Mediation may not give you authorship over exactly how the story ends,
but it does allow you to choose the manner in which you turn the page.
If you find yourself trying to untangle a family law matter, chances are there are a number of terms that you and the other party need to come to an agreement on. Further, the decisions to be made have far-reaching consequences, not just for you but for your entire family.
Many people in these situations are also contending with intense emotions, conflict, and sometimes, feelings of hopelessness for an amicable solution. It may seem like battling it out in a courtroom is your best chance at having your voice heard and reaching a solution that will end what feels like war. But this isn’t so.
Mediation puts you in control in a way that court proceedings cannot.
Mediation is a process by which a third party, the mediator, assists you and other parties in negotiating a jointly acceptable solution to your conflict. Mediators do not act as judges or make any decisions for the parties. Rather, they bring parties together in a calm, constructive way, framing issues quickly and helping them move down a path toward resolution.
Mediation is a tried and tested method to resolve your differences while maintaining your dignity and grace. McKinney Figini has mediators who can work directly with unrepresented parties as well as with parties who are represented by attorneys. Family law mediation can help resolve custody, divorce, dissolutions of non-marital partnerships, and prenuptial or partnership matters.
You are at the center of the process and you are not subject to a judge’s ruling on a family situation you know best. With family law mediation, you each have the opportunity to express your frustrations, concerns, and ideas for resolution while avoiding the unnecessary financial and emotional drain that are hallmarks of litigation.
It is very common that courts in Washington DC and Maryland will order parties to mediate their disputes before coming to a trial, and most of our clients wind up settling their disputes during the mediation. If you are going to wind up in mediation one way or another, why not simply start there? It works.
You can expect us to…
- Listen and make space for your feelings and ideas. An integral part of mediation is allowing the views, opinions, and desires of all parties to be considered. We ensure that your voice is heard and not silenced.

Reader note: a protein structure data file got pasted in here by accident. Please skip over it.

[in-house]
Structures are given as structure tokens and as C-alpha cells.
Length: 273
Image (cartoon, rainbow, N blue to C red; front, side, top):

- Apply our depth of experience to offer suggestions for compromise. We have subject matter expertise and experience across thousands of cases. We can spot issues and recognize patterns that allow us to offer potential compromises that are effective.
- Look for common ground to construct the path forward. It may feel like you and the other party are miles apart on nearly every issue. We look for opportunities to bring your viewpoints closer together, often identifying areas in which you are more closely aligned than meets the eye.
- Maintain your dignity and grace. We take a principled approach that is focused on an amicable settlement. We understand the gravity of the matter and guide you forward without losing sight of your deeply held desire for a dignified resolution.
The attorneys at McKinney Figini are highly qualified, trained, and experienced mediators in Maryland and Washington DC. Let us help you reduce conflict, keep you in control, and reach a solution that is amicable to all sides through family law mediation.
At McKinney Figini we value,
- Conflict reduction. We cut down contention and strive for considerate compromise to reach resolutions with grace and dignity.
- Child-centered resolutions. We put the well-being of children first, always.
- Client-focused futures. We place clients at the center of the decision-making process, never losing sight of attaining their vision of their family’s future.
- Clarity and confidence. We bring clarity where there is confusion, focus to the path forward, and strategic guidance that creates confidence.
- Constructive processes. We move your matter forward with efficiency, open communication, and collaboration.